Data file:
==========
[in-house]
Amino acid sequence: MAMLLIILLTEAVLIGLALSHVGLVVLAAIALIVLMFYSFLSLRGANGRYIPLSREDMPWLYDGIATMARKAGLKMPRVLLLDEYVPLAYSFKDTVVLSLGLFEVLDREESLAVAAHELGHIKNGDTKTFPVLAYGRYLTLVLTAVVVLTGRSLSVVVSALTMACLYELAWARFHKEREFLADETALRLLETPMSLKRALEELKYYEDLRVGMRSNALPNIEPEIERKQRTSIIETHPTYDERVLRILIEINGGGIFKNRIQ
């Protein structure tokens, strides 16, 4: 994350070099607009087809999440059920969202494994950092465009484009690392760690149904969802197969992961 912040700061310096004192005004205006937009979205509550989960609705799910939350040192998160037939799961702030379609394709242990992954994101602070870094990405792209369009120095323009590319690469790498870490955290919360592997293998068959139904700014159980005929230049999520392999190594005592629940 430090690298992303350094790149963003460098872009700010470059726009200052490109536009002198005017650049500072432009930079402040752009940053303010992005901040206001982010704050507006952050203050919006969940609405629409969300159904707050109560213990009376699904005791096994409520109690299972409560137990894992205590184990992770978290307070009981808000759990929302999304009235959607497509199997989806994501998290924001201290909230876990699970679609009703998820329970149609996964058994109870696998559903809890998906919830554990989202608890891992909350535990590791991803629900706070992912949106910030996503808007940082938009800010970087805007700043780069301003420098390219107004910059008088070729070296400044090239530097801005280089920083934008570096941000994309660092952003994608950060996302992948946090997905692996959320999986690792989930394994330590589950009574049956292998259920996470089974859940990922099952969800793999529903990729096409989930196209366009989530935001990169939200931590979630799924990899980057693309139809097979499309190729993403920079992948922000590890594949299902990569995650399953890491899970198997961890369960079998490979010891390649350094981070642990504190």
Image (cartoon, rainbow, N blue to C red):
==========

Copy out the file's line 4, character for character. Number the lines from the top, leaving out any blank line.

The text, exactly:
Image (cartoon, rainbow, N blue to C red):